UBC Theses and Dissertations
Evaluation of dietary carbohydrate utilization by captive sablefish (Anoplopoma fimbria) Walsh, Mark Gordon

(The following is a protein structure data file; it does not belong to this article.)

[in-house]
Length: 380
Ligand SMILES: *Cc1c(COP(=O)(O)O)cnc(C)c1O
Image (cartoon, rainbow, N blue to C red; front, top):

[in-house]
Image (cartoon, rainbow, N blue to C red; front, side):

Carbohydrates have variable digestibilities and metabolizable energy values in carnivorous fish. Simple sugars are generally more digestible than complex polysaccharides, and low levels of dietary carbohydrate may contribute more metabolizable energy than high levels. Two experiments were conducted to study the effects of dietary level and processing treatment of wheat starch on the digestibility of diets fed to sablefish (Anoplopoma fimbria), in different regions of the digestive tract. Moreover, an experiment was undertaken to determine if the dietary concentration of an indigestible external marker (chromic oxide) influenced its motility, relative to other ingredients in the ingesta, as it passed through the digestive tract. Lastly, a growth experiment was undertaken to compare the performance of sablefish fed formulated diets containing one of two levels of carbohydrate to that of fish fed a natural fish diet. The gastric evacuation of a formulated and a natural diet were also investigated. Apparent digestibility values for the nutrients in a formulated diet (containing 44.4% cooked wheat and 0.1% chromic oxide) fed to sablefish were noted to increase progressively from the anterior to the posterior regions of the intestinal tract. Within each region of the gut, the apparent digestibility values for most nutrients declined over three sample periods. Carbohydrate (nitrogen-free extract) digestibility down to the distal section of the intestine ranged from 51.0 to 82.8%. An experiment designed to assess the effect of carbohydrate treatment on the digestibility of four isonitrogenous, isocaloric diets met with partial failure. It was determined that the 1.0% chromic oxide marker flowed at a differential rate to the rest of the ingesta in the digestive tract, which violated the criteria for an effective marker. Consequently, diet digestibility was not determined in this experiment. Hepatic glycogen levels in fish receiving the dietary treatments were compared, and these values were used to estimate the relative availability (digestibility) of carbohydrate from the respective diets. According to this index, the sequence for digestibility was as follows: pregelatinized starch > cooked wheat > pregelatinized starch/cooked wheat > unprocessed wheat. Differential movement of chromic oxide relative to other ingesta was observed in sablefish fed on alternate days regardless of the dietary concentration of the indigestible marker (0.1 or 1.0%). It was surmised that the feeding protocol established the circumstances from which marker 'streaming' was observed in the results. Differential transport of Cr₂O₃ through the gut by ingested seawater was suggested as a possible mechanism for the phenomenon. Sablefish fed a natural fish diet had the highest growth rates, condition factors, liver lipid levels and the lowest feed conversion ratios and liver glycogen levels. Sablefish fed a diet containing 22.2% cooked wheat had a higher growth rate, condition factor, and a lower food conversion ratio, than those fed a diet containing 44.4% cooked wheat. Ingestion of the 44.4% cooked wheat diet resulted in the highest values for liver glycogen and hepatosomatic index. It was concluded that sablefish have a limited ability to metabolically utilize digestible carbohydrate and that most of the dietary non-protein energy should originate from high quality lipid for maximum protein sparing.
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